Science

Atha Kāljnānanprakaranam: The Knowledge of Death Related to Time (Edited by Pandit Shoe Shankar Mishra and C N Burchett)

Atha Kāljnānaprakaranam: The Knowledge of Death Related to Time (Edited by Pandit Shoe Shankar Mishra and C N Burchett)

Review by Shwetha H S

Whatever were the intentions of the editors when they began working on publishing the shlokas compilation and its translation, they have failed in it. Atha Kāljnānanprakaranam is based in the collection of ancient shlokas made by Shri Banwarilal. Maybe the shlokas actually teach us something good, but we never know because they are in Sanskrit and not everybody understands that ancient and mother of all languages. Hey! They have provided translation too in Hindi and English. But the translations are so miserable that they will make you cringe out of frustration because you aren’t learning anything from this book and it doesn’t even justify at least its title. The editors must have given the background of the book, neat translations and explanations about why such shlokas were made in the first place. This book is a complete laughing stock, that too in a pathetic way. Please don’t bother reading this unless you have some money as well as time to waste.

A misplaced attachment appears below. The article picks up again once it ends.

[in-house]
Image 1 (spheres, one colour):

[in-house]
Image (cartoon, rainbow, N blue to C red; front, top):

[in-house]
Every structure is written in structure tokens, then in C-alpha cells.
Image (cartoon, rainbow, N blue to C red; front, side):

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The Chorus Effect by Russell Boyd

The Chorus Effect by Russell Boyd

Review by Shwetha H S

The Chorus Effect by Russell Boyd is a book, the one and only book so far, that has made me say “okay” with a meh feeling, “Oh, did that just happen?” and made me sit at the edge of my seat and a day ago made me plead “please don’t be over, let this not end” with this book in my hand as I turned the last few pages of this infinite times wonderful book. Throughout the book, Russell Boyd made me wonder how did he even come up with such lines for particular situations, well, most of the situations. My inner voice revolted with the idea of this book coming to an end. I almost prayed for a happy ending for the first time when Russell Boyd said three of the characters will be dead by the end of the story. Yes, he actually did that. The churning of the heart is inevitable. Russell Boyd, I love you man.